- Child tax credit payments could lift sales across the retail, restaurant and travel industries, according to a research note by Cowen analysts.
- Parents and caretakers will get monthly payments from July to December.
- In the note, Cowen pointed to Walmart, Kohl's and American Eagle Outfitters as beneficiaries, particularly as families spend on groceries and back-to-school supplies.
Child tax credit payments are an "underappreciated stimulus" that could lift sales across the retail, restaurant and travel industries — especially as shoppers emerge from the pandemic and get ready for back-to-school season, according to a research note published Tuesday by Cowen analysts.
Families have gotten child tax credits for years, but the American Rescue Plan made several key changes. It increased the amount per child from $2,000 to $3,000 for those between the ages of 6 and 17, and to $3,600 for each child under age 6. It qualified low-income families who have little or no taxable income. And it changed the way it is paid out, so that families receive half the money through direct deposits that run from July to December. Families will receive the other half after filing taxes.
That will translate to $250 or $300 per child each month. Families who make up to $150,000 for a couple or $112,500 for a family with a single parent, called a head of household; or $75,000 as an individual taxpayer will get the full amount. The payments will be phased out above that amount — but even those who get less money will receive advance payments.
Parents and caretakers of nearly 90% of children in the U.S. will receive the payments, according to the Internal Revenue Service.
Here are four major takeaways from the analysts:
The child tax credit will amount to an estimated $150 billion in stimulus over the next year, according to Cowen. Analysts at the equity research firm say the extra dollars may surprise both Americans and the economy at large, calling it "an underappreciated catalyst for discretionary consumer spend."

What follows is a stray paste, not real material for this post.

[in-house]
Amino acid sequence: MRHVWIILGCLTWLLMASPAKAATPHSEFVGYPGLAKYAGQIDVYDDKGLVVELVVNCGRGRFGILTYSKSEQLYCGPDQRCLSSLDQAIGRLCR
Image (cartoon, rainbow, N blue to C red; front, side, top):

As families get the money, Cowen predicts, they will spend it on food for the home, dining out and shopping online. The analysts named retailers and restaurants that are best-positioned to attract those dollars. On the grocery side, they pointed to Walmart, Target and Grocery Outlet. Among fast-food chains, they named Jack in the Box, Wingstop, Papa John's and Darden, based on a survey of consumers that looked at their incomes and what places they frequent. And among e-commerce companies, they named Amazon.
Many families have already ramped up spending on new shoes and clothes as they emerge from their homes after getting Covid-19 vaccinations. Analysts from Cowen said that child tax credit dollars will likely feed into that spending spree.
Already, some retail industry watchers have predicted an usually hot back-to-school season as families crave a new start and a sense of more normalcy — and potentially channel that toward fresh notebooks and first-day-of-school outfits.
Cowen analysts expect that retailers that cater to back-to-school or team sports are positioned well to attract child tax credit dollars, including Walmart, Kohl's, Foot Locker, Dick's Sporting Goods and Nike. They also said retailers that focus on value, such as off-price retailers Burlington, Ross and T.J. Maxx, could get a boost since they cater to low-income families that are receiving child tax credit payments. They also said American Eagle Outfitters is in a good spot to attract the payments, as it caters to styles that teens crave, such as looser-fitting denim and casualwear.
Parents, grandparents and other caretakers may spend some of the child tax credit dollars on themselves in the form of beer, cigarettes and plane tickets, according to Cowen.
Analysts estimated that the tobacco industry could pick up about $1.2 billion and alcoholic beverages could pick up roughly $2.7 billion of the estimated $150 billion impact of the child tax credit. That could mean good news for tobacco company Turning Point Brands and beer industry players, Constellation Brands and Boston Beer.
Cowen estimated air travel will get an approximately $1.15 billion bump from child tax credits, as the July payments arrive just in time for vacation season. That will be most noticeable for airlines that cater to leisure travel and lower prices, such as Allegiant, Frontier and Spirit, the analysts predicted.
The monthly payments will end in December — but Cowen analysts are betting that they will be renewed. In the note, they said they expect the one-year program will be extended through 2025 through a reconciliation bill.
In the note, the analysts cited the size and scope of the government program, which is intended to fight childhood poverty. They called it a "huge policy change" that acts as "universal basic income for low-middle income parents."